CHAP. III.

SLAVERY.

THE prohibitions of the last chapter extend to the treatment of slaves, being founded upon a principle independent of the contract between masters and Servants.

I define slavery to be “an obligation to labour for the benefit of the master, without the contract or consent of the servant.”

This obligation may arise, consistently with the law of nature, from three causes:

1. From crimes.

2. From captivity.

3. From debt.

In the first case, the continuance of the slavery, as of any other punishment, ought to be proportioned to the crime; in the second and third cases, it ought to cease, as soon as the demand of the injured nation, or private creditor, is satisfied.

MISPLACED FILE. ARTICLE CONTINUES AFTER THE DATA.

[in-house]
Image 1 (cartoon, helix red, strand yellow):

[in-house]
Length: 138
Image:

The slave-trade upon the coast of Africa is not excused by these principles. When slaves in that country are brought to market, no questions, I believe, are asked about the origin or justice of the vender's title. It may be presumed, therefore, that this title is not always, if it be ever, founded in any of the causes above assigned. But defect of right in the first purchase is the least crime with which this traffic is chargeable. The natives are excited to war and mutual depredation, for the sake of supplying their contracts, or furnishing their market with slaves. With this the wickedness begins. The slaves, torn away from parents, wives, children, from their friends and companions, their fields and flocks, their home and country, are transported to the European settlements in America, with no other accommodation on shipboard than what is provided for brutes. This is the second stage of cruelty; from which the miserable exiles are delivered, only to be placed, and that for life, in subjection to a dominion and system of laws, the most merciless and tyrannical that ever were tolerated upon the face of the earth; and from all that can be learned by the accounts of the people upon the spot, the inordinate authority which the plantation laws confer upon the slave holder is exercised, by the English slave holder especially, with rigour and brutality. But necessity is pretended ; the name under which every enormity is attempted to be justified. And, after all, what is the necessity ? It has never been proved that the land could not be cultivated there, as it is here, by hired servants. It is said that it could not be cultivated with quite the same conveniency and cheapness, as by the labour of slaves; by which means a pound of sugar, which the planter now sells for sixpence, could not be afforded under sixpencehalfpenny;-and this is the necessity / The great revolution which has taken place in the Western World may probably conduce (and who knows but that it was designed ?) to accelerate the fall of this abominable tyranny; and now that this contest, and the passions which attend it are no more, there may succeed perhaps a season for reflecting,